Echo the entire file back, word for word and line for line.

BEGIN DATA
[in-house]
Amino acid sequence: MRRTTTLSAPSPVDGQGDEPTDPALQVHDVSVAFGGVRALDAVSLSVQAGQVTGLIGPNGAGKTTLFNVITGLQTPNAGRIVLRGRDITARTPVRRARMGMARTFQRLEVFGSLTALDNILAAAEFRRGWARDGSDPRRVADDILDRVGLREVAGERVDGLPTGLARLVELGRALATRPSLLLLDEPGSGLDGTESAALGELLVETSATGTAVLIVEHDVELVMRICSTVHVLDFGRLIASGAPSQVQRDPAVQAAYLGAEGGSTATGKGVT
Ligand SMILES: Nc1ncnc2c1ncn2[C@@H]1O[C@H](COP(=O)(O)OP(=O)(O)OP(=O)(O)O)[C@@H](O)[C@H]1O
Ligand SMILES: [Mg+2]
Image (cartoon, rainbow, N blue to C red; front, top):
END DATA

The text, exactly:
[in-house]
Amino acid sequence: MRRTTTLSAPSPVDGQGDEPTDPALQVHDVSVAFGGVRALDAVSLSVQAGQVTGLIGPNGAGKTTLFNVITGLQTPNAGRIVLRGRDITARTPVRRARMGMARTFQRLEVFGSLTALDNILAAAEFRRGWARDGSDPRRVADDILDRVGLREVAGERVDGLPTGLARLVELGRALATRPSLLLLDEPGSGLDGTESAALGELLVETSATGTAVLIVEHDVELVMRICSTVHVLDFGRLIASGAPSQVQRDPAVQAAYLGAEGGSTATGKGVT
Ligand SMILES: Nc1ncnc2c1ncn2[C@@H]1O[C@H](COP(=O)(O)OP(=O)(O)OP(=O)(O)O)[C@@H](O)[C@H]1O
Ligand SMILES: [Mg+2]
Image (cartoon, rainbow, N blue to C red; front, top):